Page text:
Origanum syriacum

Common Name: bible hyssop 
Type: Herbaceous perennial
Family: Lamiaceae
Native Range: Western Asia
Zone: 9 to 10
Height: 1.00 to 2.50 feet
Spread: 1.00 to 2.50 feet
Bloom Time: July to August
Bloom Description: White
Sun: Full sun
Water: Dry to medium
Maintenance: Low
Suggested Use: Annual, Herb
Flower: Showy
Tolerate: Drought, Clay Soil

Culture

Tender perennial that is winter hardy to USDA Zones 9-10. Elsewhere it is grown as an annual. It performs well in average, dry to medium, well-drained soils in full sun. Prefers neutral to alkaline soils. Thrives in gritty, sandy loams. Superior soil drainage is the key to growing this plant well. Good heat and drought tolerance. Start seed indoors about 6 to 8 weeks prior to last spring frost date or sow seed outdoors about two weeks prior to last spring frost date. New plants may also be purchased at local nurseries. Cut back stems before flowers appear to encourage bushy growth. Leaf flavor is usually best before flowers bloom. Container plants may be brought indoors in fall before frost, but they often do not overwinter well.

Noteworthy Characteristics

Origanum syriacum, commonly called Syrian oregano or zaatar, is a bushy perennial herb with highly aromatic foliage. It typically grows in an upright mound to 2 1/2' tall. It is native to the Middle East. This plant is believed to be the hyssop of the Old Testament of the Bible, hence the sometimes used common name of Bible hyssop. Hairy square stems are densely clad with ovate, highly aromatic, gray-green leaves (to 1" long). Tiny, two-lipped, tubular, white or pale pink flowers with gray-green bracts bloom in spike-like clusters from mid to late summer. Flowers are not particularly showy. This oregano is a popular herb (fresh or dried) for seasoning soups, sauces, salads, stuffings, stews, roasts, vegetables and meats. Dried leaves may be added to potpourris. Zaatar is not only a common name for this plant, but is also the name of a food preparation (dried/crushed leaves plus sesame seeds, ground sumac berries, salt and pepper) which is exceedingly popular in the Middle East. Zaatar is often baked into the crust of pita bread brushed with olive oil. It is also sprinkled into a variety of other foods as a seasoning.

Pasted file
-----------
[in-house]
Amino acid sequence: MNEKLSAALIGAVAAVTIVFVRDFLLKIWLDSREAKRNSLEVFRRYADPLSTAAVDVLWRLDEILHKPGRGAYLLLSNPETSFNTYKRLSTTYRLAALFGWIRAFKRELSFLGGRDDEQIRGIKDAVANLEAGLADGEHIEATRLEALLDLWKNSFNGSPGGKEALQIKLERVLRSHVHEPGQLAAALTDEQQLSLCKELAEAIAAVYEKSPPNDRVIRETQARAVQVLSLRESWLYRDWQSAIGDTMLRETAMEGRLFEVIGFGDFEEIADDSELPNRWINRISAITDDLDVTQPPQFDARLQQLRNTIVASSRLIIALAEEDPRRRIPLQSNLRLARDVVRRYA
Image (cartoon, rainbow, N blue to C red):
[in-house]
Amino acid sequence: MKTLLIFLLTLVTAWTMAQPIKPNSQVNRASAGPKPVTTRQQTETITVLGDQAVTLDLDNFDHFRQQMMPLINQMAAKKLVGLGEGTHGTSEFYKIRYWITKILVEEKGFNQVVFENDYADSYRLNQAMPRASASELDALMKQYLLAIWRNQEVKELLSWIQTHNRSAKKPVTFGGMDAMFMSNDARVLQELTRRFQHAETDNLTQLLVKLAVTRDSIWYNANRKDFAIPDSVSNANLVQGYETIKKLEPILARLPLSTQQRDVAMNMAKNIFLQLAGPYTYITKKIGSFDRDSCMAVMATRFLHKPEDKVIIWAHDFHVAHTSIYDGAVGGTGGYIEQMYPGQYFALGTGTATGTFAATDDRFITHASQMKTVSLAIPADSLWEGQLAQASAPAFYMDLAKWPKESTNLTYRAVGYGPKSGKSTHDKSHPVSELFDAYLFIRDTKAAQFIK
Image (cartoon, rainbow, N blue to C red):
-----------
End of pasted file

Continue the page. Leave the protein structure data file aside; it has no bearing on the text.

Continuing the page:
Genus name probably comes from the Greek words oros meaning mountain and gamos meaning beauty in reference to the physical appearance of this plant which is sometimes native of mountain areas where it is appropriately referred to as “beauty of the mountain”.

Specific epithet means Syrian.

Problems

No serious insect or disease problems. Root rot may occur in wet, poorly drained soils.

Garden Uses

Culinary herb for herb gardens. Also effective as an ornamental in window boxes, hanging baskets or containers.